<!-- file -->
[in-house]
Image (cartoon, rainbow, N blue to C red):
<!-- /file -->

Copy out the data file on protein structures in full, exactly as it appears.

[in-house]
Image (cartoon, rainbow, N blue to C red):